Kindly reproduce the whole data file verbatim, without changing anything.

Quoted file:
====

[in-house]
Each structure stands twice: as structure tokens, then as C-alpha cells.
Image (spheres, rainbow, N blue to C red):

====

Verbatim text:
[in-house]
Each structure stands twice: as structure tokens, then as C-alpha cells.
Image (spheres, rainbow, N blue to C red):